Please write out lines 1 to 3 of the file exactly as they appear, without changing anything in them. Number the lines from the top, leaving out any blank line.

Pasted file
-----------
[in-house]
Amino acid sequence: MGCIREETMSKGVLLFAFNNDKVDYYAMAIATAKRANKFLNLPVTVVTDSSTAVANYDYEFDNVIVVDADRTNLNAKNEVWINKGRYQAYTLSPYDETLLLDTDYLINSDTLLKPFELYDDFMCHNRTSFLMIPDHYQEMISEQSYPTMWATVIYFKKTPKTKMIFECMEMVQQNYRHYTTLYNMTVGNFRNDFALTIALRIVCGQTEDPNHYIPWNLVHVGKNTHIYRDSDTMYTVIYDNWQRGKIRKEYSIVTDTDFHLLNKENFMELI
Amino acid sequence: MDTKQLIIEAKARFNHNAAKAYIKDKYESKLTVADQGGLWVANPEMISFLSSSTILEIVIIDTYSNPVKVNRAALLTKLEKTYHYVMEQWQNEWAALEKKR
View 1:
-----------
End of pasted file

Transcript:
[in-house]
Amino acid sequence: MGCIREETMSKGVLLFAFNNDKVDYYAMAIATAKRANKFLNLPVTVVTDSSTAVANYDYEFDNVIVVDADRTNLNAKNEVWINKGRYQAYTLSPYDETLLLDTDYLINSDTLLKPFELYDDFMCHNRTSFLMIPDHYQEMISEQSYPTMWATVIYFKKTPKTKMIFECMEMVQQNYRHYTTLYNMTVGNFRNDFALTIALRIVCGQTEDPNHYIPWNLVHVGKNTHIYRDSDTMYTVIYDNWQRGKIRKEYSIVTDTDFHLLNKENFMELI
Amino acid sequence: MDTKQLIIEAKARFNHNAAKAYIKDKYESKLTVADQGGLWVANPEMISFLSSSTILEIVIIDTYSNPVKVNRAALLTKLEKTYHYVMEQWQNEWAALEKKR